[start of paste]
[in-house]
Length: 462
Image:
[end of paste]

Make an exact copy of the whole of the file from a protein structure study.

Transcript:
[in-house]
Length: 462
Image: